Complexity theory is a relatively new form of thinking. It encourages people to look at context, and to ‘think ecologically’. Complexity theory takes uncertainty, interaction between different fields, apparent disorder and unintended consequences, for granted. What has previously been the ‘normal Western mode’ of understanding has tended to take these issues as secondary or derivative, when compared to regularity. I suspect that learning to think in terms of complexity, in fundamental in helping people deal with the problems that arise during a transition. Hence much of this site involves discussions of complexity.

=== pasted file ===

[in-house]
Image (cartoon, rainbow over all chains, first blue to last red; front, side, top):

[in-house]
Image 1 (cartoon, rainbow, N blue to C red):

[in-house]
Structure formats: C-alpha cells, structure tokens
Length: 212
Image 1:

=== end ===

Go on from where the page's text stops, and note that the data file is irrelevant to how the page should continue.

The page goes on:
Disorder theory is related to complexity theory, in that it suggest that regularly appearing disorders cannot be dismissed as accidents. They are regular part of social and technical dynamics, and have to be studied. If, for example, we are not succeeding in our attempts to mitigate and reduce climate change, then that failure is a regular part of the ways we approach climate change, and hence our approach may need to be different. If large software projects nearly always cause problems, that is part of the design process, and needs to be analysed.